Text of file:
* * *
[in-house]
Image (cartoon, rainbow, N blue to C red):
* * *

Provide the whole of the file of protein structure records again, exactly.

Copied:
[in-house]
Image (cartoon, rainbow, N blue to C red):